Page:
Given the most recent climate change projections predicting a temperature increase of 1.5C with wetter and more intense rainfalls, the risks and exposure to stormwater related flooding and pollution will likely increase. While constructing pipes, reservoirs and other forms of grey infrastructure will be required, this option is not feasible for denser, urban communities.
My project, The Making of a Pandemic: Plague, Environment, and the End of Antiquity, examines the outbreak of the first great socio-ecological disaster in recorded human history: the first plague pandemic, commonly known as the Justinianic Plague (c. 541-750 CE). This plague occurred during a pivotal period in world history, which witnessed the fall of the Roman Empire, the rise of Islam, and the transformation of political, religious, economic, and cultural life.
The role of green infrastructure in regulating and modulating the effects of infectious disease is a commonly overlooked, but critical component of ecosystem services. In a time of rapidly increasing human-mediated changes to the environment, understanding the ramifications of habitat fragmentation, human disturbance, urbanization, and climate change on pathogen transmission is critical.
My SESYNC project proposal focuses on understanding gaps between ecological and socio-economic goals of conservation and current terrestrial protected areas. I will identify quantifiable metrics based on goals used in the conservation planning research literature. These goal-based metrics, ranging from ecological (e.g. endemic species, rare habitats) to socio-economic (e.g. human population density, agricultural expansion) will be a common thread through all stages of the project.
Waste produced by the food production, transport, and consumption process is a global problem. It is critical to quantify food waste and its environmental impacts throughout the food supply chain and across spatial scales, so that policymakers can determine how to prioritize reduction efforts.
My research project, Rugged Resilience, investigates the Late Roman cities in the Eastern Mediterranean during Late Antiquity (c. 400-700 CE). Over this period, which included the fall of the Roman Empire and the rise of Islam, the region saw major societal transformations in politics, culture, economics, and religion which coincided with increasing environmental stress in the form of climate change and natural hazards such as earthquakes and epidemics.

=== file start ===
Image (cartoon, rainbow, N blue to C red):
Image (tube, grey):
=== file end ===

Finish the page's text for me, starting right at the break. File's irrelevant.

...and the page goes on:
To sustain biodiversity and ecosystem services in Earth’s future ecosystems, many species must track suitable climate with range shifts. Interactions among species within their shifting ranges will affect whether and how species keep pace with climate change. This poses a challenge for ecologists to predict the nature and outcome of changing species interactions and for managers to sustain species interactions necessary for range shifts.
Human transformation of Earth’s land surface to meet the requirements for food, water, and shelter has a profound impact on hydrological processes and ecological health. Climate change, with increases in precipitation and runoff, can exacerbate the water quality/quantity problem. Strategized landcover planning and allocation of natural infrastructures may alleviate the combined impacts of climate change, population growth, and economic development.
Determining the existence and nature of regime shifts in socio-environmental systems is key to anticipating their dynamics. However, such transitions are difficult to study, among other reasons, because environmental responses tend to be slow and lagged, and monitoring data rarely capture multiple transitions.
Urban green spaces such as parks, gardens, and even vacant lots can provide many benefits for city dwellers, including clean air and water, reduced flooding, and habitat for plants, birds, and pollinators. They can also provide people with other, less tangible benefits, such as aesthetic beauty, recreation, and appreciation of nature, collectively known as cultural ecosystem services.